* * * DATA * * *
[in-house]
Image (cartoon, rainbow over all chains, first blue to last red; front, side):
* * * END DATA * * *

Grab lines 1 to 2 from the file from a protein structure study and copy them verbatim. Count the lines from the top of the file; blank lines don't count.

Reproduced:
[in-house]
Image (cartoon, rainbow over all chains, first blue to last red; front, side):